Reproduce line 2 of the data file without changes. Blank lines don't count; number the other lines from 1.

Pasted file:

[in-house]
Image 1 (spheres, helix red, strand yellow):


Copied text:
Image 1 (spheres, helix red, strand yellow):